Business and civic leader, Sheila Crump Johnson was born on January 25, 1949, in Pennsylvania. Her father, George P. Crump, was a prominent neurosurgeon, and her mother, Marie Iris Crump, was an accountant. During her early years, her father’s practice at Veterans Administration hospitals took the family from town to town. Johnson’s family then relocated to Maywood, Illinois, a suburb of Chicago, where she attended Irving High School, and then graduated from Proviso High School in 1966. During this time, Johnson found her first love, music; she went on to become a concert violinist and the first African American to win a statewide violin competition in Illinois. After high school, Johnson enrolled in the University of Illinois where she met her now-former husband and business partner, Robert Johnson (divorced 2002).
In 1969, Johnson married Robert Johnson, and in 1970, graduated from the University of Illinois with her B.A. degree in music. After graduation, Johnson worked as a music teacher at the private school, Sidwell Friends. In 1975, she founded a 140-member youth orchestra, Young Strings in Action. The group was invited to perform in the Middle Eastern nation of Jordan, where she was given the country’s top educational award by Jordan’s King Hussein.
In 1980, Johnson and her husband co-founded Black Entertainment Television (BET), a cable network geared towards African American audiences. Johnson became BET’s executive vice president for corporate affairs, focusing on issues affecting the communities that BET served. In 1989, Johnson created Teen Summit, a show that dealt with the everyday issues of teens and attempted to motivate the teen viewers.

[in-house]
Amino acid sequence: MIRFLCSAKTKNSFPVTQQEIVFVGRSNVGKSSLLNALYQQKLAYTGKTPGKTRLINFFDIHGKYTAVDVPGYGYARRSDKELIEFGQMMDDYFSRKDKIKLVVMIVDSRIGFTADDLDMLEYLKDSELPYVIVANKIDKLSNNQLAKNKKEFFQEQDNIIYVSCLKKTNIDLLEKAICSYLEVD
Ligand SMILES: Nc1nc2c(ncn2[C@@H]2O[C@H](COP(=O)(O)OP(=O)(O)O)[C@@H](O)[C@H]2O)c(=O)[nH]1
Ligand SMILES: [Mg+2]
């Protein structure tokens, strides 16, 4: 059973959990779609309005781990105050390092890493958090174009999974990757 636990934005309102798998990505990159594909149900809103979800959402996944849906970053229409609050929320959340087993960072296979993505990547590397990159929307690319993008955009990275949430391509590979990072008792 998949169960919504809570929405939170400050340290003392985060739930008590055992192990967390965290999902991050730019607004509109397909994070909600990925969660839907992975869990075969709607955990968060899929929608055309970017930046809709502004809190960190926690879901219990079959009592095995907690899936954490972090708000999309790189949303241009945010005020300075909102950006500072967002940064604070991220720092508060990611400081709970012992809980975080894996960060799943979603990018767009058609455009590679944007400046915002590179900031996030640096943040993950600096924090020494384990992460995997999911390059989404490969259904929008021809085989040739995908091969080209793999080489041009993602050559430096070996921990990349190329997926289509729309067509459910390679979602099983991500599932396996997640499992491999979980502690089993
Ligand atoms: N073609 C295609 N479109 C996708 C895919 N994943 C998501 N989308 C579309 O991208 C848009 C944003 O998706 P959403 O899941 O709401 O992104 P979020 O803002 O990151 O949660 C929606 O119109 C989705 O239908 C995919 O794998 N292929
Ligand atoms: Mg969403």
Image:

In 1999, Johnson left BET to pursue her own interests and to guide her daughter’s equestrian career. In 2002, Johnson became head of the Washington International Horse Show. Johnson purchased a farm in Northern Virginia in Middleburg and turned the 350 acre estate into the Salamander Inn & Spa, an 85,000-square-foot French country resort. Johnson also formed Salamander Hospitality, a hotel resort and spa management firm, in order to achieve those goals.
Johnson became involved in the Washington Mystics WNBA franchise, and in 2005 purchased it from former owner, Abe Pollin; this and similar moves in relation to the Washington Capitals (NHL) and the Washington Wizards (NBA), earned her the distinction of being the first woman to be a stakeholder in three professional sports franchises. In 2005, Johnson married William T. Newman, Jr., a judge in Arlington, Virginia. In July of 2007, Johnson purchased Innisbrook Golf Resort and its four golf courses outside of Tampa, Florida. Johnson expanded her portfolio to include film in 2008, when she was the executive producer of A Powerful Noise. Johnson is the mother of two children, Paige Johnson and Brett Johnson.